There is a huge untapped human resource of autistic individuals out there with strengths which actually give them an advantage in the workplace.
This positive message was the emphasis of my latest book on autism, Autism Works, about autism and employment. (There is a huge untapped human resource of autistic individuals out there with strengths which actually give them an advantage in the workplace.) If autism were largely characterised by deficits, why has it continued to exist rather than being sifted out by evolutionary forces of natural selection?
It is impossible not to think of the cathartic function that Aristotle confers to tragedy or of the madness experienced by Alonso Quijano (Quixote) as the birth of the modern novel. So are we not in front of something that has always been there? The representation of -and the reader’s empathy with- what Baudelaire called the «irregular vegetable.»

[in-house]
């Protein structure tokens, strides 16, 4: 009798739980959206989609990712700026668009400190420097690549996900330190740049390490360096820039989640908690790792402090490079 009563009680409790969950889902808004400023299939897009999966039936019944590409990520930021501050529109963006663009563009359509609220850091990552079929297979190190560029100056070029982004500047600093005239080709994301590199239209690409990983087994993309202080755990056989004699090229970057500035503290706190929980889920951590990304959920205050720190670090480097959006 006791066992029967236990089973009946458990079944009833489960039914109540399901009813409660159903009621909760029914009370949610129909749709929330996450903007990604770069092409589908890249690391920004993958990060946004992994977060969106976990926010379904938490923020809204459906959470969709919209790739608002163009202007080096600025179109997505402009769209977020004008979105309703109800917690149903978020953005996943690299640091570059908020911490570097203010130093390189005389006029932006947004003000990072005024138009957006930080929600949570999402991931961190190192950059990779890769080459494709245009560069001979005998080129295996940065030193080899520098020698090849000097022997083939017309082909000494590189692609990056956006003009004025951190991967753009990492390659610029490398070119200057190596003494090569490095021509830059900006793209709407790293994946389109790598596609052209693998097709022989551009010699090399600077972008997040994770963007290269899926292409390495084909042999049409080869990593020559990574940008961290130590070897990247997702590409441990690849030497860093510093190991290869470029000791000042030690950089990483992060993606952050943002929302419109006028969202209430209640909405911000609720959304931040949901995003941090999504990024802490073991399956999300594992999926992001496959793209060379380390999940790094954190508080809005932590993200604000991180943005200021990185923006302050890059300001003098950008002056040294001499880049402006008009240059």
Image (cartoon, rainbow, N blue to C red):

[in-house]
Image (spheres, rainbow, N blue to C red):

Yes. As I said earlier, I believe it is very likely that neurological ‘differences’ like autism have always existed. In fact, what strikes me about Borges’ story is his compassionate attitude, his empathy (if you like), towards such differences. Funes el memorioso is ultimately a story about the positive aspects of being different, of being differently wired, cognitively speaking. In that sense, whether or not Borges was actually describing autistic behaviour, his story is can be considered as expressing an extremely enlightened view, written as it was, in the early 1940s, when so many professionals were sending eccentrics with unusual behaviours to institutions. Early in the story, in fact, Borges describes Funes as a «precursor of the race of supermen». This is interesting, in the light of the fact that the celebrated young climate change campaigner with Asperger’s syndrome, Greta Thunberg, describes her condition as a ‘super-power’. I heard the same word uttered last year by a remarkable ten-year-old autistic pianist from Chicago, who had just come off stage after playing pieces by Liszt and Chopin sublimely.